Any tricks for getting a kid to squeak by with sorta playing bugle?

Discussion in 'Trumpet Discussion' started by christineka, Oct 3, 2011.

  1. christineka

    christineka Pianissimo User

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    I'm teaching a 12 year old to play bugle so he can earn the boy scout merit badge. He didn't practice for the first few weeks, but we cancelled lessons, so not too bad. Still, he continues to practice about 5-10 minutes a few times a week. That's not enough to gain some chops. In order to pass off this merit badge, he needs to learn a bunch of bugle calls. The highest note is G above the staff. The kid can only sorta get up to treble c. Are there any tricks to get him to squeak by and get those high Gs? It doesn't have to sound good. I don't want to be teaching him for a year. I think next lesson I'll lend him my practice mute. Part of his practicing issue is that his dad sleeps during the day.
     
    Last edited: Oct 3, 2011
  2. Vulgano Brother

    Vulgano Brother Moderator Staff Member

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  3. tobylou8

    tobylou8 Utimate User

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    With 6 kiddies under 11, I don't see how YOU have time to teach! No shortcuts to building chops.
     
  4. christineka

    christineka Pianissimo User

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    Which is why I'd like to hurry this up. When I took this on, I thought I'd just have to teach the kid the basics and then have him go work on the rest by himself, but mom expects me to get the kid playing the calls and if he doesn't practice, I'm envisioning lessons for a year or longer. (Since the only real practice he seems to be getting is once a week at lessons.) I don't want to be teaching for pennies for a year! I much prefer teaching my own children for nothing. I know they practice diligently.
     
  5. gmonady

    gmonady Utimate User

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    Yea, start out by telling them the fingers are a snapp to learn.
     
  6. Vulgano Brother

    Vulgano Brother Moderator Staff Member

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    Tell the kid that if he is a real Scout, he'll be resourceful enough to find a way and a place to practice. The bugle may be the illegitimate child of the trumpet, it is still a heroic instrument, and it's only worthy of being played by heroes. If you don't want to tell him yourself, show him this posts and others that may come.

    I think almost all of us received a much-needed "kick to the seat of our pants" at some point. (Some need more than one!)

    One option would be to tell him not to come back until he's practiced, and then charge by the mistake.
     
  7. Local 357

    Local 357 Banned

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    Hmm find a lower pitched bugle. Brings the G down to a mere E natural.

    That's not really good advice actually. But it might help. If the kid doesn't practice he should look into getting another merit badge.

    The ability to connect to the G top of staff is a sign of at least a half decent embouchure. Anything less than that is indicative of someone who doesn't much care about his playing.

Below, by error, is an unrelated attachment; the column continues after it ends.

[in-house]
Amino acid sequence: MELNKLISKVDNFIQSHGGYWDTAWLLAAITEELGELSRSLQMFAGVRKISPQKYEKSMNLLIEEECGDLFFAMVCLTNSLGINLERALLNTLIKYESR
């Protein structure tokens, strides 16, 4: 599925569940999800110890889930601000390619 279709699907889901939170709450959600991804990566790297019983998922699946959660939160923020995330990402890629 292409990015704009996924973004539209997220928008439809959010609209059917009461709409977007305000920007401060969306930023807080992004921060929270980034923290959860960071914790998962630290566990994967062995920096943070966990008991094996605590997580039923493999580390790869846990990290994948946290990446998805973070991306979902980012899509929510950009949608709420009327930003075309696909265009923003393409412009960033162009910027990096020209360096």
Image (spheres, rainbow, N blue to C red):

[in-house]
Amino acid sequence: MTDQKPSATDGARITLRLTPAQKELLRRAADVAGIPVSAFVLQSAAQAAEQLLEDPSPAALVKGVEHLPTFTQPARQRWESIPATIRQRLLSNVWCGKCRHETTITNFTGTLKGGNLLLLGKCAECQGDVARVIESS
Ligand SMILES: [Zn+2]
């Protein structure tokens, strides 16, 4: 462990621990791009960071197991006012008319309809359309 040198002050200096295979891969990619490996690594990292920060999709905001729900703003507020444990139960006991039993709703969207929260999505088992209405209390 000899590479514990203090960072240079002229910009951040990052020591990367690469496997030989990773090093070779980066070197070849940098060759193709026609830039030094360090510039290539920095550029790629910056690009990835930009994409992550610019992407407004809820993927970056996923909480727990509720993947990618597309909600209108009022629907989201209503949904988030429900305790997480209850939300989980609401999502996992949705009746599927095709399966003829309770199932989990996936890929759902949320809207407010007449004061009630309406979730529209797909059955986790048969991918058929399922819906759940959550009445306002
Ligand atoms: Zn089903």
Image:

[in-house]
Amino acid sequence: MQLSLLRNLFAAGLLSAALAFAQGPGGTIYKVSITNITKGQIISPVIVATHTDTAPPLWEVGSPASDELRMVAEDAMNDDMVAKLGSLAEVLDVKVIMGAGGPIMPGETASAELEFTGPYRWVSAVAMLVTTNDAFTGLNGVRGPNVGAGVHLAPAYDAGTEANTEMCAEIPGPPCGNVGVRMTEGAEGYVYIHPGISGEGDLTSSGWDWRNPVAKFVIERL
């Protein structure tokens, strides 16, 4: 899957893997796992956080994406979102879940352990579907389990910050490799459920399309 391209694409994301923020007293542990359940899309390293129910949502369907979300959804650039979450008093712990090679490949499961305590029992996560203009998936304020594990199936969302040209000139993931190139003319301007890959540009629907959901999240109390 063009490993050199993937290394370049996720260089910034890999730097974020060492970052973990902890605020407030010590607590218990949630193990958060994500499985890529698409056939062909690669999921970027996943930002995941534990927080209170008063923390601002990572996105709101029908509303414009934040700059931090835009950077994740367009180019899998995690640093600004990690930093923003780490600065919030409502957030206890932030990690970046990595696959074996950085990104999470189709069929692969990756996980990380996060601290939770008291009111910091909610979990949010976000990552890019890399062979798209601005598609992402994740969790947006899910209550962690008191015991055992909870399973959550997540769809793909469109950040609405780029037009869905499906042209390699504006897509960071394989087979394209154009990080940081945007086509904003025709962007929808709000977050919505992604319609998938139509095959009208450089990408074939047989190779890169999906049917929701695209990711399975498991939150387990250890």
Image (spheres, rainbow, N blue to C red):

8. stevesf

    stevesf Piano User

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    hey isn't the scouts motto "Be prepared" ?
    There are probably many more challenging tasks in his scouting career than playing bugle.
    Ask him, if a bear invaded his scout camp and he had to warn everyone else in the camp only using his bugle, what would he do?
    I'm sure a good scout would figure out a good way :lol:

    In all seriousness though, "chops" don't happen over night. With proper training they will come though. If he realizes just how important the role of bugler is, then maybe he will be more inspired to be prepared....
     
  9. christineka

    christineka Pianissimo User

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    I've taught this kid before. As far as I can tell, his mom should be the one in boy scouts, earning the badges... I guess I'll persist for awhile and if the kid isn't improving suggest to the mom that we take a break and not start back again until the kid can play that G. I've taught him enough that if he practiced daily for 30 minutes, he should be improving, but he's not. Mom's just tickled pink that he's making noise come out of the instrument.
     
  10. stevesf

    stevesf Piano User

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    do scouts today actually apply the knowledge they learn to earn these badges in real world use?
    I mean do they actually know the purpose of why they have to learn what they do?
    or is it just another task they have to learn/endure to get to the next level? like a video game...

    I wonder....I am so amazed how relatively smart kids are today in technical matters as compared to when I was growing up (some years ago)
    yet if you took away their computers,games, gadgets, do they have the curiosity , patience and drive to create/seek out a solution to problems in their own hands and minds without pushing a button?
     

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